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How ivermectin works – and how this plays out in practice

Written by | 20 Apr 2021 | 'In Discussion With'

Interview and article by Christine Clark.

Dr Jackie Stone, who has treated numerous covid-19 patients, explains how ivermectin is used in early stage disease to prevent progression and in late stage disease to hasten recovery.

Understanding how the drug works helps to point the way to effective treatment. Ivermectin works at several points in viral replication. Ivermectin coats the virus, binding to the spike protein, which prevents it from entering cells both via the ACE2 receptor and the CD147 receptor. Second, it inhibits RNA polymerase. It is also a zinc ionophore – and zinc inhibits RNA polymerase in a dose-dependent manner. Using the two drugs together should ensure robust inhibition of RNA polymerase. “In a docking study it was also found to bind very tightly to RNA helicase. Now, when RNA polymerase has finished its work you’ve got a double-stranded piece of RNA, you need to separate that and RNA helicase does that. Ivermectin in vitro and in computer studies has been shown to bind tightly to the helicase and we know that it has activity against all RNA viruses like yellow fever and West Nile virus [amongst others}”, explains Dr Stone.  

Early stage covid-19

“Taking the early phase, if we can coat the virus, stop RNA polymerase, stop RNA helicase we’ve done quite a good job at the at point” , says Dr Stone. The addition of doxycycline, which is also a zinc ionophore (and therefore it will inhibit RNA polymerase) and also binds to double-stranded RNA ensure that there are two agents shutting down viral replication at three points.

“What I do in the early stage – I want to hit them hard because I want to shut this virus down – we cannot afford for our patients to become hypoxic. They drive around the city looking for oxygen and dying.  We need to smack it before they hit the inflammatory stage, before they hit the thrombotic stage and before their oxygen saturations drop – so that’s part of the reason that we are so aggressive with treatment”, she says.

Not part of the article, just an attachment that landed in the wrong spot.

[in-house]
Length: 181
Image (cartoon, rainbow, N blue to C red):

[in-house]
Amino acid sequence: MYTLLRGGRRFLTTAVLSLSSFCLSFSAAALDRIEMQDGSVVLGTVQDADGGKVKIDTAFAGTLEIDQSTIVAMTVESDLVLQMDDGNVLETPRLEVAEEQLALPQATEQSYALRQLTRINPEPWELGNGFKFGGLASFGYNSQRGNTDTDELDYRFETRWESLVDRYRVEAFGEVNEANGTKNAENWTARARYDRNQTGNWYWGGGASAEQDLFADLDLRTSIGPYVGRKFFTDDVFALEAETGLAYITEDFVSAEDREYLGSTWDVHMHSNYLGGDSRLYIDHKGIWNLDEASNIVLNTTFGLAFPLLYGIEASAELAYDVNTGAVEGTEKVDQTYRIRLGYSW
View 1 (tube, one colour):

Later stage covid-19

“If I’ve got a patient in a later stage ………………. the virus binds to the CD147 receptors and cross links red cells, white cells and endothelium and you get ‘sludging’.  Effective treatment with ivermectin and doxycycline reverses these effects. “It’s going to be like Lego that comes undone and suddenly the patient will re-perfuse”, explains Dr Stone.

“The other interesting thing is that after we give ivermectin the D-dimer goes through the roof” she says. D-dimer, she emphasises, is a fibrin degradation product and therefore a marker of clot resolution. “….so it means that the clots and the fibrin is breaking down”, she adds.

A real life example of this phenomenon was a patient called Joe. His D-dimer was 2,500 on day 1. He went home and the next day’s result was reported as, ‘Greater than 10,000, unrecordable’. Fearing that the patient might have died Dr Stone immediately telephoned the nurse who said, “He is hugely better. He’s chatting, he’s eating, he’s wanting go for a walk”.

Thinking about it, “…when the D-dimer rockets it’s a marker of clot resolution; it’s a sign the patient is actually getting better”, concludes Dr Stone.

Dr Jackie Stone holds degrees in medicine and medical biochemistry from the University of Cape Town, South Africa. She has worked in London, Dubai and Australia and holds a Diploma in Aviation Medicine. She now works in family practice in Zimbabwe.

Read and watch the full series on our website.

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